LONDON (Reuters) - As the big global banks and investment houses see it, almost every outcome of Greece’s stand-off with its creditors leads to a weaker euro. So why isn’t the single currency falling?
The simple answer until two weeks ago was that the German 10-year government bond yield had risen in two months from almost nothing to 1 percent and was more correlated with the currency than at any time in the past two years.
That move seems to be largely over, however, and many players are gradually coming to the conclusion that the lack of impact by what seems like an existential threat to the euro zone raises more doubts about the dollar’s longer-term rally.
“The number of people who believe any resolution on Greece will be positive for the euro is beginning to eclipse those that view Greece as an ongoing threat,” said Todd Elmer, Head of G10 Strategy with the currency world’s biggest banking player, Citi, in Singapore.
“The perception among many is that the euro could gain after a knee-jerk dip on a default.”
Economists in a Reuters poll taken earlier in June had called for the currency to fall to $1.05 by the end of the year — some 7 percent below current levels — and weaken further in 2016. [EUR/POLL]
However, prediction market Hypermind, which has outperformed opinion polls on several big political questions this year, now puts just a 27 percent probability on the dollar reaching parity with the euro in 2015, down from even money a month ago.
A handful of the bigger banks that called for a run to parity with the dollar earlier this year have also pushed out or trimmed such forecasts.
That does not mean the dollar will not strengthen again in the second half of 2015 if the Federal Reserve raises — or moves closer to raising — interest rates. But it is making all those who backed it to reach parity feel rather nervous.
“There is at least the possibility that we could find out Greece is leaving the euro (this week),” said Simon Derrick, head of global market research at Bank of New York Mellon in London.
“We all recognise that there will be days of volatility in the market aftermath of that. Yet it does seem, perversely, as if we may need to get the Greek crisis out of the way before the euro can weaken again.”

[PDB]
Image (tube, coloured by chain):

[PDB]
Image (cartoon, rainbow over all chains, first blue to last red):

A study by French bank Credit Agricole earlier this month laid out five different resolutions to the Greek crisis.
It said all but one of them — euro zone leaders drip-feeding Athens enough cash to see it through to the next payment period without a full new deal — would swiftly drive the euro back to this year’s lows of $1.04. Three of the five scenarios pointed to parity with the dollar or below.
“The euro could hit $0.90 in the event of a Grexit,” the bank’s head of global FX strategy Valentin Marinov said in the presentation, modelling the potential fall on Britain’s exit from the Exchange Rate Mechanism in 1992.
Yet as Athens moves closer to the edge ,the single currency at $1.13 on Friday was actually around 7 percent higher than it was two months ago.
Greece’s creditors were seeking 11th-hour concessions from Athens at scheduled talks on Monday in Brussels aimed at keeping the country in the euro. The European Commission welcomed new proposals made by Greece’s leftist government over the weekend as a “good basis for progress”.
Christophe Caspar, Chief Investment Officer with asset manager Russell Investments in London, says that on the one hand, people still struggle to believe Germany will let Greece go. On the other, any impact on the euro has been limited by the absorption of most of Athens’ dues by euro zone governments.
“For me Greece is interesting, very interesting, but I have almost no stake in it,” he says.
Another idea that has gained some support among City analysts is that central banks from other jurisdictions have begun to buy the euro to weaken their own currencies or rebuild depleted currency reserves, judging that longer-run economics do not justify a weaker single currency.
It is always hard to measure what central bank reserve managers are doing, but data on Friday again made clear that the euro zone will continue to run a monthly current account surplus measured in billions of dollars.
Many economists as a result estimate fair value for the euro at $1.12-$1.15 and the European Central Bank’s latest economic projections assume a rate of $1.12 for the next three years.
Add in the relief, potentially, of the departure of one of the euro zone’s weakest members and the fall to $1.04 looks more and more like an overshoot.
The “but” in all of this is that whatever Europe’s troubles, sooner or later the Fed will raise interest rates, driving the dollar higher.
Research by Deutsche Bank has suggested a Fed funds rate of 2.75 percent versus zero euro zone overnight market rates - now at 0.11 percent - would imply a further 20 cent fall in the euro.
“Clearly, the burden of EUR/USD weakness now lies on the Fed,” its global head of G10 FX strategy Alan Ruskin said.
Additional reporting by Anirban Nag and Jamie McGeever; Editing by Toby Chopra